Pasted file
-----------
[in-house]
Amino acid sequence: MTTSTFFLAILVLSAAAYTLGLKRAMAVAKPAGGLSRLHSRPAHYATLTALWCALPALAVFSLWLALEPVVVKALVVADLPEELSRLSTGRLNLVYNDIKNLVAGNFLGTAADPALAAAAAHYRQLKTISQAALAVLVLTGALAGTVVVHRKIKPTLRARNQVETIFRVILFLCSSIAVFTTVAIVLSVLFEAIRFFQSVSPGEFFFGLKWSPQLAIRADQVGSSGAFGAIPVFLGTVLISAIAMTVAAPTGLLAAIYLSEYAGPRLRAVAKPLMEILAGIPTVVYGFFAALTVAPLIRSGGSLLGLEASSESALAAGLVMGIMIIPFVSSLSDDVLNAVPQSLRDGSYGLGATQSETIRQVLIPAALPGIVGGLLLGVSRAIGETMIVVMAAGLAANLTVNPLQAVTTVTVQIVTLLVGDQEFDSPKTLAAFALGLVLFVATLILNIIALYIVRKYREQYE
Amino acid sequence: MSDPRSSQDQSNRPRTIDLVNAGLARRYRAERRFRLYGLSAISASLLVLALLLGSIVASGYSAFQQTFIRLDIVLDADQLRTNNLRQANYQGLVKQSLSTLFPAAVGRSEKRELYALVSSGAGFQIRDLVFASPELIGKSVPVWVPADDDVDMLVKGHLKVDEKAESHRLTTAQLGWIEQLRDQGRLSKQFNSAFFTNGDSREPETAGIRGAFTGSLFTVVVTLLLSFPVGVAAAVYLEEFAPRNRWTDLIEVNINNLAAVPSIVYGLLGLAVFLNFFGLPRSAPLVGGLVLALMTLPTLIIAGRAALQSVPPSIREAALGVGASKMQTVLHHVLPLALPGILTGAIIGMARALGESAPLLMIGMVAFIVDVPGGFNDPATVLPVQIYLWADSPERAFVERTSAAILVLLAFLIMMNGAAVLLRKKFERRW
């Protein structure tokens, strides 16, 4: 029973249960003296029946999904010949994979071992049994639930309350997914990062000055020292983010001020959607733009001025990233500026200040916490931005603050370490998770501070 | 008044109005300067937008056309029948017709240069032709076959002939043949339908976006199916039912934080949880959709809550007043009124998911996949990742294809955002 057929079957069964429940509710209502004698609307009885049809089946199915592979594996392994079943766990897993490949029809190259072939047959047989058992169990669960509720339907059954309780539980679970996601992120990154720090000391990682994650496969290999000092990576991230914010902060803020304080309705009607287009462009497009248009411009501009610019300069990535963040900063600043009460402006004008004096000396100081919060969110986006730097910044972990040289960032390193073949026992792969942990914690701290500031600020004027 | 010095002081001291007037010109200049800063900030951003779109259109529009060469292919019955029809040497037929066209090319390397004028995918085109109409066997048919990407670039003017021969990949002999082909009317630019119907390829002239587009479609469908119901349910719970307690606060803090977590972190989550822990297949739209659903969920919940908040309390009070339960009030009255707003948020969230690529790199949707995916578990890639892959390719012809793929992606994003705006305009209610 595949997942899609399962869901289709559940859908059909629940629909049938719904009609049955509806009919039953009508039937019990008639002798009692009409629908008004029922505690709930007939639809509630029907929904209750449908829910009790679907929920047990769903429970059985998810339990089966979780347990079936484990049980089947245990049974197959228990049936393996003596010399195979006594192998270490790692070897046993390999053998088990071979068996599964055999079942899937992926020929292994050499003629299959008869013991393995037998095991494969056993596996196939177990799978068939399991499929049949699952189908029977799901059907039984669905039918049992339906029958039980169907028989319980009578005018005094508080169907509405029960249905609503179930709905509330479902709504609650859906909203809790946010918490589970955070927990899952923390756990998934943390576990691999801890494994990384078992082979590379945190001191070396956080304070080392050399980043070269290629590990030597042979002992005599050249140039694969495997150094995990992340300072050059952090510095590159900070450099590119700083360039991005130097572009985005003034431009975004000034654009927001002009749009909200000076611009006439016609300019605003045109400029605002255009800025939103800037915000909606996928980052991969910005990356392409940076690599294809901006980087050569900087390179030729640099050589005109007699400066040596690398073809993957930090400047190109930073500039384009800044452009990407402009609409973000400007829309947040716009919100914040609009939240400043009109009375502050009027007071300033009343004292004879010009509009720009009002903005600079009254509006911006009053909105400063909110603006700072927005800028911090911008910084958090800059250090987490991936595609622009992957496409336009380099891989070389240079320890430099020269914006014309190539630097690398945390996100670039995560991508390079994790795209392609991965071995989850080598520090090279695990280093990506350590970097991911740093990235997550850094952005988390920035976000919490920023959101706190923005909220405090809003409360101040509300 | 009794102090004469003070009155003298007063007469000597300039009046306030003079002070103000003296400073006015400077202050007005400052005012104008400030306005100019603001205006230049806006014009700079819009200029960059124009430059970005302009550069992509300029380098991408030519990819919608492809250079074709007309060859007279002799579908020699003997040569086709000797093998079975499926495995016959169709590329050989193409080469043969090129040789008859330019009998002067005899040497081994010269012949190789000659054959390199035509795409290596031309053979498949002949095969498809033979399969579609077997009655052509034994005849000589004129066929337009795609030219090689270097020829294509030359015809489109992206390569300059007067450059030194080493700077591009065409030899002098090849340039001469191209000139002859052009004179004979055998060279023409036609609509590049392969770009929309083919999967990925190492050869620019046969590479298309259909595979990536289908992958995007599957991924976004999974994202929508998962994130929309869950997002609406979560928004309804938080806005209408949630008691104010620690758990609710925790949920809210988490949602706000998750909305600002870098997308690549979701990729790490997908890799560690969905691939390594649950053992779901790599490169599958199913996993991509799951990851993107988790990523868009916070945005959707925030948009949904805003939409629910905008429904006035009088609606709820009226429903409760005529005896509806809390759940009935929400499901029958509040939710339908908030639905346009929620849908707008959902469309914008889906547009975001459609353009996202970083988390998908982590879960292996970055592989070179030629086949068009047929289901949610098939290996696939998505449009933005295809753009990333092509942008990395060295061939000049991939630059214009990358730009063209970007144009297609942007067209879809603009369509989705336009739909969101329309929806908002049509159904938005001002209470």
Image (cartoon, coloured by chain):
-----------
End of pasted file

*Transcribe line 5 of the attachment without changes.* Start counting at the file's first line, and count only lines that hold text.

Image (cartoon, coloured by chain):